Transcranial Magnetic Stimulation is a relatively new technique that changes neuronal function by using an electromagnetic field generated by a coil.  Electricity passes in opposite directions through the shape of the coil and where the current crosses it generates an electrical field, whose intensity can be modified by regulating the amount of electrical current.  Pulses can be applied singly or repetitively and at varying intensities.  The strength and frequency of the pulses can determine excitability or inhibition of the target neurons. The coil is placed against the scalp and the magnetic field passes through the skull to change the electrical field of the underlying neurons.  In this study TMS was applied in repetitive pulses, timed milliseconds apart.  TMS treatment is usually done several times a week for several weeks.

 

In this study, all groups of subjects received treatment three times a week for four weeks. One group received treatment on the motor cortex region, contralateral to their affected side, and also to the prefrontal cortex.  Group two received treatment to the motor cortex region, but sham treatment on the prefrontal cortex.  Group three received sham treatments on both treatment sites. Both groups that received actual treatment showed reductions in the motor symptoms and tremors compared to the sham group.

 

Dr. Josep Valis-Solis, a neurologist and neurophysiologist at the Hospital Clinic in Barcelona, Spain said “I think that we have to promote a bit this kind of treatment that is noninvasive and nonpharmacological, so some hope that we are escaping from toxicity from drugs.”  It is still early and there needs to be more investigation into the types and differences of effects from different coils.  Cost and availability of the equipment and training and availability of personnel to administer treatment is another issue that needs to be studied together with the rate of retreatment necessary to maintain a positive effect over an as yet unknown, period of time.

 

Magnetic Stimulation Improves Parkinson’s Symptoms, Medscape Jun 17, 2014

 

 

Review by Marcia McCall.

Picture Credits

http://www.magventure.com/en-gb/products/stimulators/magprocompact.aspx

New PARKINSON’S Gene Discovery Could Lead to New Treatment

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New PARKINSON’S Gene Discovery Could Lead to New Treatment

 

The new molecular sciences continue to delve deeper into the mysteries of the cellular actions and interactions to unlock the keys to PARKINSON’S DISEASE.  A team of genetic researchers at the University of California at Los Angeles headed by Dr. Ming Guo has found one more clue, a gene that mediates the interactions of two mutated genes and helps cells maintain their health to prevent neurodegeneration.

 

The genes PINK1and Parkin play important roles in protecting the energy producing mitochondria of cells.  When these genes are mutated, they do not operate correctly and allow for accumulations of unhealthy cells with damaged mitochondria that leads to the early on-set of PARKINSON’S DISEASE.  Working in fruit flies and mouse models of disease, Guo and her team found that a gene called MUL-1 mediated the interaction of PINK-1 and Parkin and contributed to the health of the mitochondria. When MUL-1 was removed from the interaction with PINK-1 and Parkin in the neurons in the mouse model, they found it caused deterioration of the mitochondria, but when an extra amount of MUL-1 was added, the mitochondrial damage was repaired.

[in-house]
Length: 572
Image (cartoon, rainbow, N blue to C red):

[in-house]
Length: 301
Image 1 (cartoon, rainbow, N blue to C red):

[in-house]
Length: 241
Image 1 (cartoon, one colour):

The discovery of this new genetic interaction is exciting, showing a new mechanism for improving the function of mitochondria and maintaining the health of the cell, but also because it may lead to the development of a drug that could enhance its presence and prevent neurodegeneration.  Such a new drug would be of immense benefit to people with PARKINSON’S DISEASE.

 

Further studies will test these findings in more complex biological organisms and will help to find more cellular interactions related to MUL-1.  Testing for drugs that will enhance MUL-1  and become a basis for treatment is another a priority.  The team will also be looking for mutations of the MUL-1 gene and to understand its heritability to see if it exists in all PARKINSON’S patients or if it is found only in the inherited forms of PARKINSON’S.

 

J. Yun, R. Puri, H. Yang, M. A. Lizzio, C. Wu, Z.-H. Sheng, M. Guo. MUL1 acts in parallel to the PINK1/parkin pathway in regulating mitofusin and compensates for loss of PINK1/parkineLife, 2014; 3 (0): e01958 DOI:10.7554/eLife.01958

 

Review by Marcia McCall

Picture Credits

http://cssb2.biology.gatech.edu/kinomelhm/kinases/PINK1_Hsap.html

Hopeful New Drug Therapy Being Developed at University of Alabama

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Hopeful New Drug Therapy Being Developed at University of Alabama

 

Alpha-synuclein is one of the most prevalent proteins found in human brains.  It is also the one that when it fails to conform to its normal configuration, or mis-folds, contributes to the neurodegeneration seen in PARKINSON’S DISEASE.  Researchers at the University of Alabama led by Andrew West, Ph.D. think they may have found a key to prevent alpha-synuclein from misfolding and aggregating.

 

The gene LRRK2 has been linked to PARKINSON’S DISEASE and West’s lab demonstrated that the known mutations of this gene all increase its activity.  Other studies have shown that it is related to alpha-synuclein in several ways.  This study has shown that blocking the expression of LRRK2 in mouse models that are genetically very similar to human models, blocked the over-expression of alpha-synuclein.  Blocking alpha-synuclein may prevent the death of dopamine producing cells in the substantia nigra, thus offering a potential treatment to prevent or slow the progress of PARKINSON’S DISEASE.  The search for a drug to inhibit the expression of LRRK2 is now underway.